ASUS P8Z77-V Pro – BIOS

ASUS BIOSes, ever since we went graphical back in P67, have been at the top of presentation and usability of the graphical interface.  Therefore, it would have been odd if ASUS had done something vastly different for Z77.  Luckily, the same interface greets us – initial entry into the BIOS greets us in EZ mode (I still call it ee-zed, being a Brit), which displays the time, the motherboard, the BIOS version, the CPU, the CPU speed, the memory, temperatures, voltages, fan speeds and the boot order.  As an entry screen it is very informative, suitable for most users to implement a power saving or turbo mode, or the boot order.

However, the meat of the BIOS is all in the Advanced mode, where the BIOS takes a more traditional look.  Screens of interest here are the AI Tweaker, where overclocks are made.  This screens below shows an applied Extreme Memory Profile, with MultiCore Enhancement enabled, memory set at the correct strap and additional voltage applied to the memory as defined in the XMP.

Adjusting memory subtimings occurs in the DRAM Timing Control, and DIGI+ Power Control allows adjustment of load line calibrations as well as current capacities should a user desire extreme overclocks. The CPU, VRM, iGPU and DRAM can all benefit from DIGI+ control

ASUS have had good fan profile options in their software, so the options in the BIOS are a little sparse in comparison to their OS offerings, though this could be down to BIOS limitations.  Temperatures and fan settings are found in the Monitor section.

Software

ASUS’ AI Suite software is the stalwart of the operating system options, and over the chipset generations I have grown accustomed to it.  ASUS is continually updating features in the software, both in relation to hardware changes but also to ideas and requirements of the users.  Having all the software under one heading helps with organization and consistency.  Now that it is also a few generations old, it no longer has the annoying delay in loading associated with previous versions.

TurboV Evo is the overclocking function of AI Suite.  As in previous versions, there is an automatic overclock function (available in ‘Fast’ and ‘Extreme’ modes) as well as a set of manual options.  Personally, I use this part of the software to test overclocks, and then apply them in the BIOS later.  Therefore, if an overclock is unstable, it does not cause the system to not boot next time around.

ASUS has adjusted the software relating to DIGI+ in order have a more concerted effort to teaching users about it.  Alongside the CPU DIGI+ and VRM DIGI+ options, we have a ‘Smart DIGI’ option that can enable the user to use low power DIGI+ settings, or a set of useful settings for overclockers.

Fan Xpert 2 is an upgraded take on the fan software previously distributed with ASUS products.  In this instance, when Fan Xpert is loaded, it asks to be able to test all the fans across their full range of speeds.  This allows the software to produce graphs relating applied power with actual RPM and performance.  So for example, my CPU fan has a minimum of 846 RPM at 23% applied power, up to 2261 RPM at 100%.  Below 23% power invokes the minimum RPM setting:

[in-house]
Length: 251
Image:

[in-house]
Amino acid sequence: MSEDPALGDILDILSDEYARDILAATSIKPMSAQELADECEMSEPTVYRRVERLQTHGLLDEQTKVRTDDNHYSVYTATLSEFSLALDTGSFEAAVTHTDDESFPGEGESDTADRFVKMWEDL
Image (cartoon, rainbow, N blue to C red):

WiFi Go settings also get an upgrade – with the included WiFi module on board a user can set up a multimedia streaming center with the ASUS board in order to send files across to WiFi enabled televisions, or be controlled by tablets with the appropriate apps.  File transfer is also available in a similar fashion.  The software also allows the PC to act as a wireless access point for the internet.

Alongside the quick charging features (Ai Charger+, USB Charger+) which promise to decrease charge time for smartphones, tablets and Apple products, due to the use of Intel network controllers on board, we have software in order to be able to manipulate network traffic.  At its simplest level, this means giving priority to certain applications (games) over others (file transfer):

Other smaller features with AI Suite include the BIOS Flashback utility and software to change the initial boot up logo screen.  I purposefully saved talking about USB 3.0 Boost until last, as we now have the ability to test it.

ASUS kindly provided a SATA 3.0 to USB 3.0 hub, along with a high speed SSD to test how their USB 3.0 Boost system in terms of what benefits in can bring over normal USB 3.0.  At the heart of the system is the ability to adjust the USB protocol, from the normal Windows protocol, to either a turbo mode (on the chipset USB 3.0) or a USB-attached SCSI protocol (UASP) with a capable device on an ASMedia USB 3.0, or on the Chipset boards with Windows 8.

Both the Turbo and UASP modes offer a different set of commands to the USB in order to improve transfer rates.  Initially, I performed my standard CrystalDiskMark test, which uses incompressible data for stress the reads and writes of each of the modes (Intel USB 3.0 Normal, Intel USB 3.0 Turbo, ASMedia USB 3.0 Normal, ASMedia USB 3.0 UASP), followed by our standard USB copy test.